Save rats? Kill people? GE looking for ways to further research

From CNSNews.com comes this story about GE Healthcare, a subsidary of General Electric, and its efforts to use embryonic stem cell research to test drug toxicity and spare poor lab rats:

On June 30, GE Healthcare and Geron Corporation announced a multi-year alliance where Geron will provide GE scientists with an undisclosed amount of human embryonic stem cells.
 
The human cells will be used “to develop and commercialize cellular assay products derived from human embryonic stem cells (hESCs) for use in drug discovery, development and toxicity screening,” according to a news release.
 
GE Healthcare, which is based in Britain, hopes that human embryonic testing will spare lab rats from having potentially toxic drugs in or on the animals.
 
“This could replace, to a large extent, animal trials,” Konstantin Fiedler, general manager of cell technologies at GE Healthcare, told Reuters.
 
“Once you have human cells and you can get them in a standardized way, like you get right now, your lab rats in a standardized way, you can actually do those experiments on those cells,” he added.

But this is all nonsense, says Dr. David Prentice, senior fellow for life science at the Family Research Council:

[Prentice said] that embryos must be killed before stem cells can be derived from them for research purposes.
 
“Human embryonic stem cell research is ethically irresponsible and scientifically unworthy, as well as useless for patients,” Prentice said.
 
Prentice explained that General Electric’s optimism in saving lab animals from testing by using hESCs is also largely unfounded.
 
“There is always going to be a problem on trying to rely just on cultured cells to do drug testing,” Prentice explained.

The problem, he said, is that many drugs are metabolized in the liver and other parts of the body and those metabolized substances then become the active ingredients of the drugs.
 
“Treating just cells in culture will give you some idea of toxicity or perhaps effectiveness on a certain cell type, but will not actually work for the whole organ, or the entire system, or the organism,” Prentice said. “So this is not going to replace all animal testing.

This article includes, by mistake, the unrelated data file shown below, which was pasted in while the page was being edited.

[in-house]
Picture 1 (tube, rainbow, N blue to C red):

Prentice also pointed out that most of the research involving embryonic stem cells thus far has produced no valid therapies, while successful therapies for several diseases and conditions are already in place using adult stem cells, he said.

But, of course, the problem with adult stem cells, which have no ethical baggage associated with them, is that the president who said we must not put ideology over science has pulled government funding for that research.

That’s not the way it is: How the media misleads on stem cell research

Josh Brahm, who works with Right to Life of Central California, has written a devastating analysis of 9 Things The Media Messed Up About the Obama Stem Cell Story. While this is an issue we’ve visited here, it is educational to see names named and sources cited to clearly demonstrate what we’re talking about. As I’ve said before, there is either a laziness or a willful intention to deceive by media members that is going on with the issue of stem cell research. While some of the media offenders in Josh’s analysis are in his immediate area in California, there are still plenty of national news media organizations who are guilty of misreporting the issue.

I would highly recommend not only reading Josh’s excellent work yourself but helping those around you understand it better as well. The media, for the most part, is not helping in this matter and, in fact, is making it worse by doing shoddy work.

Spider-Man? How about every man?

\According to new research, humans can see into the future ever so briefly, which explains why we are tricked by optical illusions.

Researcher Mark Changizi of Rensselaer Polytechnic Institute in New York says it starts with a neural lag that most everyone experiences while awake. When light hits your retina, about one-tenth of a second goes by before the brain translates the signal into a visual perception of the world.

Scientists already knew about the lag, yet they have debated over exactly how we compensate, with one school of thought proposing our motor system somehow modifies our movements to offset the delay.

Changizi now says it’s our visual system that has evolved to compensate for neural delays, generating images of what will occur one-tenth of a second into the future. That foresight keeps our view of the world in the present. It gives you enough heads up to catch a fly ball (instead of getting socked in the face) and maneuver smoothly through a crowd. His research on this topic is detailed in the May/June issue of the journal Cognitive Science.

The article goes on to explain that illusions occur because our brains try to perceive the future but reality doesn’t match our perceptions. The question that comes to my mind: Is this something that has evolved or is it one more way we are “fearfully and wonderfully made.” ?

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HT: Centurion